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Last night’s speech on Afghanistan was typical Obama: instead of acting decisively, he splits the difference. The United States will send 30,000 additional troops to Afghanistan but with a timetable, sort of, for withdrawal.
It sounded an awful lot like what George W. Bush would have opted to do in Afghanistan if given a third term, which probably explains the enthusiastic response to the speech in some corners of the right. Obama made “a really good decision,” Dan Senor, former spokesman for the Coalition Provisional Authority in Iraq, told reporters. “It’s going to take a couple of years to see real, coherent progress. We need to give the president time.” (He added: “If you had told me Obama would have doubled the number of troops in Afghan and not significantly reduced our presence in Iraq, I would have had a hard time believing it.”)
The fundamental policy problem in Afghanistan is that there is no achievable mission at this point. Whatever one thinks about the war in Afghanistan, the Bush administration did pretty much smash up Al Qaeda. That doesn’t mean the organization is finished, or that it’s incapable of periodically launching a major attack, or that there aren’t a lot of people out there inspired by Al Qaeda who would like to do us harm. But as a terrorist group capable of central planning and with global reach, Al Qaeda has been badly weakened since 9/11.
It’s hard to argue with this recent op-ed by Michael Sheehan, a fellow at the New York University Center for Law and Security and former ambassador at large for counter-terrorism at the U.S. State Department:
We invaded Afghanistan eight years ago to prevent another terrorist attack on our nation, and we have been successful. Prior to Sept. 11, 2001, al Qaeda attacked us three times in three years: at our African embassies in August 1998; the USS Cole incident in October 2000, and finally on our homeland on Sept. 11, 2001. In the eight years following Sept. 11, they have failed to attack us on our soil. In fact, al Qaeda can count only one terrorism attack in the entire West (London, 2005), with perhaps “partial credit” for another (Madrid, 2004). This, by any standard, is a failure on the part of al Qaeda.
The problem, Sheehan continues, is that “we have continually moved the ‘goal posts’ of our counter-terrorism success in the name of a counterinsurgency campaign. The initial objective of kicking out al Qaeda has now morphed into an ambitious program of reinventing Afghanistan as a “modern state”:
We have gotten ourselves bogged down into a complex insurgent war that the Taliban can sustain at some level almost indefinitely, even though they have no real prospects of actually winning…
[O]ur success in throttling the strategic al Qaeda was achieved without pacifying Afghanistan and without occupying western Pakistan. Instead, we have used a massive intelligence operation to find and destroy al Qaeda’s strategic capability there and denied them the ability to mount terrorist attacks outside of their immediate operational area.
Today in Afghanistan, the U.S. Army is still the main fighting force in the country. In essence, it remains an occupational force with counterinsurgency doctrine sprinkled on top. While U.S. conventional soldiers are kicking in doors of mud homes in poor Afghan villages, it is hard to envision long-term success, no matter how many health clinics they build the next day.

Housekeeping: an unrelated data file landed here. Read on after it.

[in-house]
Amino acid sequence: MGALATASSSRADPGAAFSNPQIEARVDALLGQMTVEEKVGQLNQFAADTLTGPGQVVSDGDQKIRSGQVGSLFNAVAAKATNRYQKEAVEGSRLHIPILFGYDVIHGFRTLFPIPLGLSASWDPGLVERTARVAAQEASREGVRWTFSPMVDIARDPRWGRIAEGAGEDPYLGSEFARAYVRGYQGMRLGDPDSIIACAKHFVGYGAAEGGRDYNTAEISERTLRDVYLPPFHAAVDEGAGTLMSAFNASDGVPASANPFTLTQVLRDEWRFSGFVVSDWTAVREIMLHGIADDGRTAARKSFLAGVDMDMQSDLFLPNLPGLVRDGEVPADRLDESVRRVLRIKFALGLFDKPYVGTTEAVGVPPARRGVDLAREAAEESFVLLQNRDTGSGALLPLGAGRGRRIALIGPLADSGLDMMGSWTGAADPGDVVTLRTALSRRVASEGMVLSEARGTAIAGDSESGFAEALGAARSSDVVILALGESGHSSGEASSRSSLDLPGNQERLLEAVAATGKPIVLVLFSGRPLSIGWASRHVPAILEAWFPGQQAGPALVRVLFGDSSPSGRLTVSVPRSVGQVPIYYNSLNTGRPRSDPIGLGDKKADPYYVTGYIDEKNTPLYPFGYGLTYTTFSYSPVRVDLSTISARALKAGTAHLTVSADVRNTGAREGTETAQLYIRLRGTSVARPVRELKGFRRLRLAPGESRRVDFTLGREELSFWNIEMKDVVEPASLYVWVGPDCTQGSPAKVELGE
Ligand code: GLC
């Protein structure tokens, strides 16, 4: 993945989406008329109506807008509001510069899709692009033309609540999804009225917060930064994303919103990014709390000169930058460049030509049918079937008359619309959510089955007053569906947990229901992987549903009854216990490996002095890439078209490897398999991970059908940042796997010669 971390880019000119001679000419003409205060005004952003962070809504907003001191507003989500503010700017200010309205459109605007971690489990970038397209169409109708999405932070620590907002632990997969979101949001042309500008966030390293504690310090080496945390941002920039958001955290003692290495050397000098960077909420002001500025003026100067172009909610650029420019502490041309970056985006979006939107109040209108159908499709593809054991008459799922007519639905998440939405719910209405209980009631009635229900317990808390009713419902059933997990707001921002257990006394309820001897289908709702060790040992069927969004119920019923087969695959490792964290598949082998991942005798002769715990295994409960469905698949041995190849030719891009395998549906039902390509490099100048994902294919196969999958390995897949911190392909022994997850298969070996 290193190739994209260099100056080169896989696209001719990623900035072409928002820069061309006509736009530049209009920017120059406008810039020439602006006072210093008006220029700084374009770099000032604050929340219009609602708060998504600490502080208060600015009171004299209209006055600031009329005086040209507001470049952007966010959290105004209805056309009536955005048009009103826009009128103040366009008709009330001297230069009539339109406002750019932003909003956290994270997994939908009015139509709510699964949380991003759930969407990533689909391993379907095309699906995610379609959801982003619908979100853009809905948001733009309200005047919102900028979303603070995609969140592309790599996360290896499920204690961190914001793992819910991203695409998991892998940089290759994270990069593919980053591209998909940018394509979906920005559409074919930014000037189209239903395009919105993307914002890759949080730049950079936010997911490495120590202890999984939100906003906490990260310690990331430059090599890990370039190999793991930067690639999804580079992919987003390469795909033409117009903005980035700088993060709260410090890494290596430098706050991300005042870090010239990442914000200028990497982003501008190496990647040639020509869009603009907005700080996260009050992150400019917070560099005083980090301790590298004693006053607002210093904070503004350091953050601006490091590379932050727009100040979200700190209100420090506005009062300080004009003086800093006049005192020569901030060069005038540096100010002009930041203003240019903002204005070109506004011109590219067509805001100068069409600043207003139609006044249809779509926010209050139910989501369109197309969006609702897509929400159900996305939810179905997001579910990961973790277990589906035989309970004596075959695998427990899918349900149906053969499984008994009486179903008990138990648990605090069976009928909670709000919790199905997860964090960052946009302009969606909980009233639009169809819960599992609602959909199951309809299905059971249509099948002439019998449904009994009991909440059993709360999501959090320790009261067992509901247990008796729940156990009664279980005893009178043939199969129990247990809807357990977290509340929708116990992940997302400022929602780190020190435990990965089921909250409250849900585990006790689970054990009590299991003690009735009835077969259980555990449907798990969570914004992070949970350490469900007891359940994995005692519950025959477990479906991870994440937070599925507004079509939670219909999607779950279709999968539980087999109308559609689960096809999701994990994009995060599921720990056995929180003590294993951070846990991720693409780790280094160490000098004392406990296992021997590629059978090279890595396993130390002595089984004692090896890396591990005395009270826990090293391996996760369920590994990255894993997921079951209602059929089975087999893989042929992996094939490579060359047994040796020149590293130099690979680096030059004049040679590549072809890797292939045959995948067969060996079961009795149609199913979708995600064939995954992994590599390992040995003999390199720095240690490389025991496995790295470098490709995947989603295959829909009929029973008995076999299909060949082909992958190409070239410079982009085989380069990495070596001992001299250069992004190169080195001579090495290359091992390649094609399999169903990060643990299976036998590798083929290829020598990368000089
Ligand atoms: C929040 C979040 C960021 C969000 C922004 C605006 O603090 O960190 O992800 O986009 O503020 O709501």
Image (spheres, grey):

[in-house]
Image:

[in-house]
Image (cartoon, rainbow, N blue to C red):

We have no achievable military goals in Afghanistan other than temporarily slowing the Taliban’s “momentum,” and “nation-building” is a fool’s errand. Foreign powers have been trying to achieve that in Afghanistan for a long time and no one has succeeded yet. The idea that an Afghan national security force will be trained and ready to assume control of the country in 18 months is equally ludicrous, as is the idea that the U.S. is going to win “hearts and minds.”
The president’s plan will put tens of thousands of additional troops in harm’s way with almost no chance of fundamentally changing the long-term prospects for Afghanistan.
More from Ken Silverstein:
Commentary — November 17, 2015, 6:41 pm
The Clintons’ so-called charitable enterprise has served as a vehicle to launder money and to enrich family friends.
Freddie Gray’s relatives arrived for the trial in the afternoon, after the prep-school kids had left. By their dress, they seemed to have just gotten off work in the medical and clerical fields. The family did not appear at ease in the courtroom. They winced and dropped their heads as William Porter and his fellow officer Zachary Novak testified to opening the doors of their police van last April and finding Freddie paralyzed, unresponsive, with mucus pooling at his mouth and nose. Four women and one man mournfully listened as the officers described needing to get gloves before they could touch him.
The first of six Baltimore police officers to be brought before the court for their treatment of Freddie Gray, a black twenty-five-year-old whose death in their custody was the immediate cause of the city’s uprising last spring, William Porter is young, black, and on trial. Here in this courtroom, in this city, in this nation, race and the future seem so intertwined as to be the same thing.
Average speed of Heinz ketchup, from the mouth of an upended bottle, in miles per year:
After studying the fall of 64,000 individual raindrops, scientists found that some small raindrops fall faster than they ought to.
The Playboy mansion in California was bought by the heir to the Twinkie fortune, and a New Mexico man set fire to his apartment to protest his neighbors’ loud lovemaking.
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“Matt was happy enough to sustain himself on the detritus of a world he saw as careening toward self-destruction, and equally happy to scam a government he despised. 'I’m glad everyone’s so wasteful,' he told me. 'It supports my lifestyle.'”